We are going to talk about a situation that countless couples have faced. This is where one partner decides he wants to break up and discusses it openly or does end the relationship, but then relents due to pleading, professions of love, and his own ambivalence. After this a predictable pattern can usually be mapped characterized by several breakups and reconciliations and ultimately the rupture of the relationship. We will discuss the psychological mechanisms at play and present a viable option to change the trajectory and start moving towards repair.
The most fundamental point to consider is that the partner who initiated the breakup is not the one pleading to be taken back. An unhealthy power imbalance is created that will negatively color all aspects of their lives together going forward, giving them little chance to work things out. Imagine yourself breaking up with someone and then realizing you have made a terrible, life altering mistake. You plead with your partner to take you back and she finally does. This relationship might fail for other reasons, but the power balance remains about equal. You had the power to end the relationship and you did, leaving her in a down position. Now she has the power to take you back or not, leaving you in a down position.
In order to be healthy and fulfilling all relationships must be defined by equality and mutual respect, which is why threatening to break up or actually doing so and then getting back together is so damaging to people. Power takes the place of equality. Even worse than the example from the paragraph above, when you end a relationship and then decide to take your partner back the power balance shifts dramatically where you have all of it and she has none of it. You may not want this role or be comfortable with it, but your actions have helped create it. If you take one thing away from this piece, I hope it is to never say the words ‘break up’ unless you are absolutely sure it’s what you want to do. The second those words leave your mouth the dynamics change because a power imbalance is created and feelings of security go out the window.
This situation is really not fair for either person and something needs to be done quickly to address it or emotional and psychological damage are sure to result. First let’s talk about the person who asks to be taken back after being jilted. How can she be expected to be at her best or be her authentic self in the relationship going forward? She is apparently not good enough as she already is in the eyes of her partner. Naturally she will start to obsess over what she says and does. She will be constantly waiting for the other shoe to drop. A vicious cycle is created because the tremendous stress and anxiety she feels will surely leak into the relationship and help make another rupture more likely. And just like that we have a relationship characterized by abuse instead of love and openness. He may not have asked for the role of abuser but he is playing it nonetheless. He now gets to decide for the both of them which thoughts, actions, and emotions are acceptable and which are not.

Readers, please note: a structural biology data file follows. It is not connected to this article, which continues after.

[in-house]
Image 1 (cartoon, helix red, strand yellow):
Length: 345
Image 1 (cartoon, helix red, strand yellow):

He will experience a terrible emotional and psychological toll as well unless he is naturally sadistic and abusive, in which case he will probably derive satisfaction from the situation. If he is generally inclined towards growth and equality in his life, however, he will have a difficult time inhabiting a position of power where he holds all the cards and apparently gets to decide the course of the relationship. He won’t get to be at his best or act like his authentic self either. He will shoulder a heavy burden of responsibility and probably spend a lot of time feeling guilty. It’s a tragic situation for both people.
If you want to see your partner at his or her best the environment has to be one characterized by comfort and security. High levels of anxiety and the fear that another breakup could be forthcoming will make a harmonious situation impossible. The only viable solution to this dilemma is to publicly declare to one another and to your friends and family that you are both 100% committed to making your relationship work and that ‘break up’ will no longer enter into your conversations. If neither of you can agree to this or mean it in your hearts then it’s time to move on and save yourselves much more emotional damage than you have already experienced.
You’ve got to openly address the power imbalance that has been created and actively work to eradicate it. Feeling safe from the possibility of rupture is a great place to start. You can’t ask a partner to change supposedly deficient parts of his or her personality in order to make the relationship better. This is usually a form of abuse, and we all have deficient parts of our personalities. Instead you have to focus on growth and create a healthy, open environment where you can both get back to seeing what drew you to each other in the first place.
The bottom line is that whichever role you are playing in this setup, the jilted lover who asks to be taken back or the ambivalent lover who decides to give it another try, you both need to declare your total commitment and actively work to create a situation of equality or you have no chance at a happy life together.